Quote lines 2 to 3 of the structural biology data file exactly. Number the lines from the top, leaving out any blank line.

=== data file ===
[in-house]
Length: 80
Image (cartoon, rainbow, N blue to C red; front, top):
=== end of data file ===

Length: 80
Image (cartoon, rainbow, N blue to C red; front, top):